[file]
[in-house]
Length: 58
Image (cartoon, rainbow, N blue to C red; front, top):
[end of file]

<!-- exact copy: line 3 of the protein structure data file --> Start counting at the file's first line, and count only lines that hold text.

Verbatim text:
Image (cartoon, rainbow, N blue to C red; front, top):